Mississippi Town’s Discrimination Against Church Doesn’t Square With Law
Liberty Institute Files Appeal Asking Court to Grant an Injunction Prohibiting the City of Holly Springs from Excluding Churches from the Town Center
HOLLY SPRINGS, Miss., March 7, 2012 /PRNewswire-USNewswire/ — Today, Liberty Institute on behalf of Opulent Life Church and its pastor, Telsa DeBerry, filed an appeal at the U.S. Court of Appeals for the Fifth Circuit. It asks the court to reverse the District Court’s decision and to grant the Church a preliminary injunction to allow it to lease a building on the town square.
The appeal in the case Opulent Life Church; Telsa DeBerry v. City of Holly Springs, Mississippi argues that the zoning ordinance unfairly singles out churches–but not other businesses that want to exist in the town square. It requires only churches requesting building space to get permission from the Mayor and 60 percent of local property owners. This ordinance violates the U.S. Constitution and a federal law (RLUIPA) passed by the U.S. Congress in 2000, which prohibits cities from treating churches less favorably than businesses.
“The Church and its membership are currently suffering harm because the City will not let them move into their new and larger space to accommodate their growing congregation,” said Hiram Sasser, Liberty Institute’s Director of Litigation. “The City of Holly Springs’ placing special burdens on churches is unfair and illegal and subjects them to unequal treatment.”
While seeking to accommodate the needs of its growing mission in 2011, Opulent Life Church leased property on the town square of Holly Springs and sought approval from the City’s Planning Commission for its comprehensive building plan. The City’s Planning Commissioner “tabled” the Church’s request and would not specify which provision(s) the Church failed to meet. Then, Pastor DeBerry requested a complete copy of the zoning ordinance from the Holly Springs Mayor, who initially refused to disclose a complete copy of the zoning ordinance claiming it is a controlled document.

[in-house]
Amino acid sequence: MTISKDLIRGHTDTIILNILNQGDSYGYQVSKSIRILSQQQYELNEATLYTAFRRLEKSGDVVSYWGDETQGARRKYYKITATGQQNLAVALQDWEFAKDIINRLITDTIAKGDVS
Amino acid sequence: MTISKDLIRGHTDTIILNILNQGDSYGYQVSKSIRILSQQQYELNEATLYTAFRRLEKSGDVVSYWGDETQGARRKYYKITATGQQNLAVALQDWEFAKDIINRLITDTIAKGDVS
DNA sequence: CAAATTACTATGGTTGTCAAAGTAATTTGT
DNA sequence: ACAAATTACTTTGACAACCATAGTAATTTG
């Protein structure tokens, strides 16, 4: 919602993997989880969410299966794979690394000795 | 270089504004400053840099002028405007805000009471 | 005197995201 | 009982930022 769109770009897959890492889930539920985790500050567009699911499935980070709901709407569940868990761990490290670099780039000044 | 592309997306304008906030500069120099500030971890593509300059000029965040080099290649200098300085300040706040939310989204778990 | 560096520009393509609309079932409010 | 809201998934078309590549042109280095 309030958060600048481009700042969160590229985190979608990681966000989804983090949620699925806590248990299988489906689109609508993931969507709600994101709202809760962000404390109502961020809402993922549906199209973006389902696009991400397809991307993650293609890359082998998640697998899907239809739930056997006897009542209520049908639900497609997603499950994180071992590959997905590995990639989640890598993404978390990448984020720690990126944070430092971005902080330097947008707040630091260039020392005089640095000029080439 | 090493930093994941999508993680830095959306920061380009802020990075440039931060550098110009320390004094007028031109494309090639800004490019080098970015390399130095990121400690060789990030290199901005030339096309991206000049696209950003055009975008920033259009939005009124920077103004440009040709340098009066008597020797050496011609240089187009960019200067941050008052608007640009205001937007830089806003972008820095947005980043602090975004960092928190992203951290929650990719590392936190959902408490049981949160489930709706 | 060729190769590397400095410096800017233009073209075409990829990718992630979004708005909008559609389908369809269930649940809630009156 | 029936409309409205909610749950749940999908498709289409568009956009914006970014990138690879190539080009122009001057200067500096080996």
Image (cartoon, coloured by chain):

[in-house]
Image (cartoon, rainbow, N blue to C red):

In January, Liberty Institute filed the lawsuit and sought a preliminary injunction. The District Court denied the injunction, ruling that, because the Church didn’t meet its capacity of 20 to 25 people at its current facility, the Church and Pastor DeBerry are “not currently being deprived of the right to freely exercise their religion” and that the Church merely seeks “to use the rented building in anticipation that their membership will grow.”
“We are appealing so that the rights of Opulent Life Church are honored, and it can begin using its space to fulfill its mission of serving the people of Holly Springs,” said Ashley E. Johnson, an attorney with Gibson, Dunn and Crutcher, LLC, and lead counsel for the Church along with Liberty Institute.
To date, Opulent Life Church, which was founded to serve Holly Springs’ vibrant and growing community of faith, has not been granted permission to operate in the town square.
Liberty Institute is a nonprofit legal group dedicated to defending and restoring religious liberty across America. Visit www.libertyinstitute.org for more information.
Liberty Institute’s attorneys are available to discuss laws protecting churches from unfair and unlawful treatment by city governments.
SOURCE Liberty Institute